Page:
Any party seeking a judgment taxing costs, attorneys' fees, or both shall serve a motion no later than 30 days after filing of the judgment, including a judgment of dismissal, or the service of a notice of voluntary dismissal.The amendment is available here.
[The court may] reexamine the law which may be applicable to a case even to the extent of reconsidering the correctness of the conclusions announced in previous cases. And, if the court is a trial court, pointing out such to appellate courts.What are the odds your decision will be reversed by the district court?
Whether our supreme court will determine in the future that it has jurisdiction to review this en banc decision is clearly beyond my ken. Nevertheless, if there were ever a case in which the supreme court should take upon itself to limit the jurisdictional boundaries of en banc consideration, this is the case. In fact, and perhaps ironically, the only matter of exceptional importance in this entire case is whether en banc jurisdiction exists at all.I suspect they will get the message.
I challenge the implication that the restitution issue had anything to do with the vote of the court to go en banc. I suggest, rather, that it is an attempted after-the-fact justification for a decision which otherwise cannot be justified.(footnotes omitted). Keep in mind, Judge Allen's opinion was joined by six other judges, so Judge Wolf's words have many targets.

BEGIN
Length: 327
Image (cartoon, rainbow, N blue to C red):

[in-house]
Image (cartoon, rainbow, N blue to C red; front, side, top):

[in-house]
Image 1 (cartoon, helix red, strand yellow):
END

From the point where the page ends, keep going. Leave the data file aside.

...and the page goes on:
I am also concerned with the statement that "involvement of a particular party" might justify exercise of the court's en banc jurisdiction. If this statement implies that the name of a particular person involved in the case affects the quantum of consideration and scrutiny available in a particular case, I strongly disagree. A party is entitled to the same consideration from this court whether his name is Childers or Smith. To do otherwise would place more importance on personalities than equal application of the rule of law.